Hypnosis is more than just a party trick, it measurably changes how the brain works, says a UK researcher.
Hypnosis significantly affects the activity in a part of the brain responsible for detecting and responding to errors, says John Gruzelier, a psychologist at Imperial College in London. Using functional brain imaging, he also found that hypnosis affects an area that controls higher level executive functions.
“This explains why, under hypnosis, people can do outrageous things that ordinarily they wouldn’t dream of doing,” says Gruzelier, who presented his study at the British Association for the Advancement of Science Festival in Exeter, UK.
The finding is one of the first to indicate a biological mechanism underpinning the experience of hypnosis. Gruzelier hopes it will also benefit emerging research showing, for example, that hypnosis can help cancer patients deal with painful treatments.
Gruzelier and his colleagues studied brain activity using an fMRI while subjects completed a standard cognitive exercise, called the Stroop task. The team screened subjects before the study and chose 12 that were highly susceptible to hypnosis and 12 with low susceptibility. They all completed the task in the fMRI under normal conditions and then again under hypnosis.
Throughout the study, both groups were consistent in their task results, achieving similar scores regardless of their mental state. During their first task session, before hypnosis, there were no significant differences in brain activity between the groups.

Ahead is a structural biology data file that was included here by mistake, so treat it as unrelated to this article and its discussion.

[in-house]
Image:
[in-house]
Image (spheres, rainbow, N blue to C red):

But under hypnosis, Gruzelier found that the highly susceptible subjects showed significantly more brain activity in the anterior cingulate gyrus than the weakly susceptible subjects. This area of the brain has been shown to respond to errors and evaluate emotional outcomes.
The highly susceptible group also showed much greater brain activity on the left side of the prefrontal cortex than the weakly susceptible group. This is an area involved with higher level cognitive processing and behaviour.
Gruzelier concludes that, under hypnosis, these brain areas are having to work much harder to achieve the same cognitive task results. “This is confirming our model of hypnosis with very direct evidence of brain function,” he says.
Peter Naish, at the UK’s Open University, says this moves the understanding of hypnosis away from the popular misconceptions created by showy stage hypnotists.
“We have a technique that has now moved towards evidence-based treatments,” he says. “Gruzelier’s work is showing for sure that the brain is doing quite different things under hypnosis than in normal everyday existence.”
Clinical trials of therapeutic hypnosis are starting to confirm its potential benefits. Christina Liossi, a psychologist at the University of Wales in Swansea, recently conducted a study of 80 cancer patients aged 6 to 16.
She found that those under hypnosis experienced far less pain during treatments than control children, who simply talked to the researchers normally.
Original Link: http://www.newscientist.com/article.ns?id=dn6385